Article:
In Their Own Words: George Schmidt on Safety
Without the extensive testing and simulations performed by George Schmidt and others at Draper, the Apollo missions would not have been successful.
"My name is George Schmidt. My original activity on Apollo was to build test equipment to be used in the system test lab. That laboratory was the place where the computer, inertial guidance system, the optics, were all put together into a sort of a mock spacecraft set up in and the testing was done.
The testing part of the program was absolutely critical to safety. That was number number one, always. If there had been any issues in testing we would simply stop the test and try to figure out what was going on. The notion that you never had any unexplained failures either in the laboratory, or in launch pads, or anything like that was was a notion that was carried through the whole program. Testing was critical. If you don't try to simulate what is going to happen, what are you going to do in space? You can't call somebody to come in to fix something. So we had a very, very extensive test program that was well designed to stress all the major parts of this system in the system test lab before anything went into the spacecraft.
The testing program involved trying to make sure the computer, the optics, the inertial guidance system, the display keyboard, all those things working together. It was sort of an end to end test from astronaut pushing buttons on the keyboard to give instructions where to go next so to speak. We had never done this before; We invented things on the fly.
One of the concerns before launch was that the Saturn V rocket would be swaying or moving in the wind and trying to line up the inertial guidance system in that kind of environment could be a problem. And so we actually took the inner guidance system out of the mock spacecraft set up that we had and put it on a hoist and adjusted the length of the hoist so that the time of the motion back and forth were correspond to what was thought to be possible and the motion of this big rocket.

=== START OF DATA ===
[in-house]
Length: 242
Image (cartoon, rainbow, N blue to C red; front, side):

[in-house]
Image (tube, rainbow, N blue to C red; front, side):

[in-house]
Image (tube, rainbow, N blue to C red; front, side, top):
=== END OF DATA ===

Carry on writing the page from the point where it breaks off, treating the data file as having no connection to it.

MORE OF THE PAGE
But as the program got more and more complicated, the what ifs got really complicated. You know, what if you had to abort during ascent? And all those kinds of questions. We tried to simulate if this happened what would we do. I think the net result of all that work was we were very well-prepared. The Apollo 1 fire really emphasized the need to figure everything out. It was such a traumatic experience. I remember I came into the lab on a Saturday and people were going around locking all of the safes so that no evidence or whatever could disappear. This lasted, I don't know, quite a few months just because of the tragedy and the three astronauts which, you know, they had been to the laboratory. We knew them. And so it just struck everybody right in the heart.
All of us that were working in the program felt an individual responsibility to make sure that whatever we were doing was right."